But Lyft decided to sue instead: https://www.theverge.com/2019/6/7/18657312/lyft-bike-share-l...
Have you read the contract terms in the article you're linking to? SFMTA is saying the contract was for 'docked bikes only' while Lyft is saying it was for a Bike Sharing Program, which could include docked or dockless bikes. Lyft does a good job describing what 'Bike sharing' is in that document so it will be up to the courts to decide if they're right.
“Bike sharing” is a public biking system concept that allows customers to rent a bike on a short-term basis from one section of a city and leave it in another section of the city that same day.
The Term Sheet provided, among other terms, that Motivate was to be the exclusive operator of any bike share system in the Participating Cities for at least ten (10) years.
The Term Sheet provided (emphasis added):
“During the Term of this Agreement, Motivate shall have the exclusive right to operate a bike sharing program that utilizes public property and public right of way anywhere within San Francisco, Berkeley, Oakland, San Jose and Emeryville.”
I like Lyft just fine and I especially applaud their efforts to expand into ebike-to-transit. But I also have a little trouble feeling sorry for a company that feels it has suffered a loss because its out-and-out regulatory capture scheme didn't pan out as successfully as it hoped.
If you're against an exclusivity agreement (which actually makes a lot of sense when establishing a transportation network) then your complaint should be with the government, not Lyft.
In Miami-Dade county Uber (drivers) for example racked up over $4M in fines between 2014-2016 for operating a ride for hire without being licensed, the way our statute works is the 1st charge is civil and 2nd is criminal. Lucy’s fines were less but still in the millions.
This is repeated in counties all over the country.
Nevertheless here is an article from six years ago showing California regulators fined a lift and shut them down for violating state law and lift had to retroactively work with regulators to remove the fines and continue operations.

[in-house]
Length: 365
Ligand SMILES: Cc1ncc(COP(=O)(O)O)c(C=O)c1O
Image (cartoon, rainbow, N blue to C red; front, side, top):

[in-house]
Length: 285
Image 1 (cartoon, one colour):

The exclusive right to use public property and the public right of way to operate a bikeshare.
Sidewalks are not public property--they are private property subject to public easements. Ergo, any other bikeshare may legitimately use sidewalks to operate their bikeshares.
BAM. Disruption. Who would have thought that other companies could play the same game Lyft did?
That isn't even remotely similar to the position a local government fills, however.
How is this different from banning all but one automaker?
I have done bike / scooter fleet apps in Paris, Berlin, Madrid, Malaga, Prague... I dunno, many other European cities - and I don't think I've ever come across one with such a policy.
Is this a normal European thing?
But they didn't need to foment a monopoly for a bike fleet company to achieve better public transit, so what is the underlying point you are trying to get people to understand?
Nowadays, those are gone because of a juridical dispute over the procurement process between some bike sharing companies.
Instead there are these e-scooters littered everywhere. They are used mostly by tourists. I have no idea how the companies collect those and charge them with a profit. Most likely they don't. There were also some non city cooperation leave the bike anywhere bike sharing companies, that failed.
Maybe the main problem with communal bike sharing is that there has to be forced returns to designated end points, and only the city can "afford" (i.e. designate) public space for those places?
If you can put the bike where ever after the rental, it's just gonna be a mess.
I've been a happy customer for years (first in DC and now SF), but ever since they removed their electric bikes, their docks have been empty so often that I can't count on using them any more.
Having multiple companies running taxis or P2P ride apps doesn’t matter so much as users as you can still hail a cab the same way and many P2P drivers use both Lyft and Uber, creating a good user experience.
However, that’s not true for these types of bike/scooter shares. The density of bikes/scooters is not so high that I’ll be able to pick just one app and have no problem finding transportation. And, if it was, we’d be tripping over them left and right.
Even interoperability between apps would be enough to solve this.
In modern times regulations are monopolistic power grabs by corporations, not the 'protection' they are intended to be.
It has been clear this happens, but people continue to elect politicians that regulate anyway.
Hopefully this is a traumatic event and teaches this community a good lesson. Our locals cities can take note, and their voters learn an important lesson that could otherwise harm national level elections.
(Perhaps a little pixie dust would help as well.)
The city fucked up hugely by making an exclusive deal with Ford/Motive (acquired by Lyft).
If you want to be mad at someone, be mad at SF government.
The rule of law means that you don't get to change contracts you've signed.
It was a bad contract but SF Government does many bad things, like repressive zoning and banning scooters.
Go vote them out of the office.
Technically you can if you wrote a clause allowing it or other conditionals. But we don't know the full contract and it's up to a judge to interpret it seems.
Actually, contracts get broken all the time, and the only recourse you can get for that sort of thing is a lawsuit.
This is by design.